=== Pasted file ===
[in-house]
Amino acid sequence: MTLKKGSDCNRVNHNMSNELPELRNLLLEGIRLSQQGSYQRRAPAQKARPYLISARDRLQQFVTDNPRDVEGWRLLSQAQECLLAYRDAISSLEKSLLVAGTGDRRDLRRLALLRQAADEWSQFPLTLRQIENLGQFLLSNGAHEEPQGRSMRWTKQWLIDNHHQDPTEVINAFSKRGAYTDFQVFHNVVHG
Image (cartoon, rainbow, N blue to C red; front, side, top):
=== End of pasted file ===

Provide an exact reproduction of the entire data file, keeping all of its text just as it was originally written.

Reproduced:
[in-house]
Amino acid sequence: MTLKKGSDCNRVNHNMSNELPELRNLLLEGIRLSQQGSYQRRAPAQKARPYLISARDRLQQFVTDNPRDVEGWRLLSQAQECLLAYRDAISSLEKSLLVAGTGDRRDLRRLALLRQAADEWSQFPLTLRQIENLGQFLLSNGAHEEPQGRSMRWTKQWLIDNHHQDPTEVINAFSKRGAYTDFQVFHNVVHG
Image (cartoon, rainbow, N blue to C red; front, side, top):